That's just the technical challenge. Some films are bogged down in rights issues that require complicated legal agreements, and getting access to his 2004 TV pilot $5.15/hr had particular challenges. "People don't like pilots that never happen. The people who did them want them to go away, and the last thing they want is them out there, and someone saying, 'Hey, that was great. Why didn't they make that?'" (Fortunately, he was able to convince HBO that the only audience this time would be a small group of dedicated cinephiles.)
That sense of a career in motion is part of the inspiration behind the newest work in the show: a 20-minute short titled "Another Day at the Office." Since 2015, the Pompidou has asked each filmmaker who is the subject of a retrospective to make a film that answers the simple question: Où en êtes-vous? (literally translated, "Where are you?"). Linklater recalled that Pompidou film programmer and Linklater exhibit curator Judith Revault d'Allonnes explained that the purpose is to remove the idea of such retrospectives as a sad look back, but instead as a taking stock on the road. As such, he described his short as "a self-portrait," but while most previous filmmakers had taken a documentary approach, he made a small drama about, well, being himself. "I'm in it, and it's very personal, but I hope it's kind of funny."
Aside from the screenings, the Pompidou show also includes a gallery exhibition on Linklater's life and work (in another reminder of the ephemeral nature of cinema, Linklater ruefully noted that he lost a large portion of his personal archive during the 2011 Bastrop fires). Yet the show does not simply look at Linklater's own films, but his broader impact on Austin's filmmaking community. That's why the Pompidou has set one room aside for his other passion project: the Austin Film Society.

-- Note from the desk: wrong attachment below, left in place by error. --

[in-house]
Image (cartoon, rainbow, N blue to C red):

Holly Herrick, AFS's head of film & creative media, said her team first heard about the proposal in January of this year, but this wasn't going to be as simple as booking a few films. What they wanted, she said, was "something that went beyond the films – an exposition that would look at his career." That meant the history of AFS, which Linklater founded and for which he remains artistic director. This sent the team (Herrick particularly credited the work of Austin Culp, director of marketing) diving into their archives for old fliers and unique pieces, like a collage designed by Austin artist Marc English for the society's 20th anniversary in 2006. Herrick said the process of curation was very collaborative, and AFS found that the Pompidou staff were excited about events like the Texas Film Hall of Fame awards ceremony and Quentin Tarantino's QT Fest, "and they really appreciated that Olivier Assayas had been here."
For Herrick, the inclusion of AFS "contextualizes [Linklater] in this really interesting way. The creation of AFS and the shepherding of the society is as much an indicator of the artist as any other part of his legacy. ... Rick says that as well. For him, AFS is a huge part of his legacy, and the fact that he has been able to have an impact on the lives of so many emerging filmmakers."
So even with the retrospective, Linklater is still looking forward – including wondering what will happen to that replica moon tower after the exhibition finishes. He laughed, "I think we can find a place for it in Austin."
“Richard Linklater: Filming Time as Material” runs Nov. 25, 2019, to Jan. 6, 2020, at the Centre Pompidou in Paris, France.